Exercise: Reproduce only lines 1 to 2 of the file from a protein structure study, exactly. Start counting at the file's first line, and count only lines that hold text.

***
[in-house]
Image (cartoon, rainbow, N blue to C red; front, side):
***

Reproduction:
[in-house]
Image (cartoon, rainbow, N blue to C red; front, side):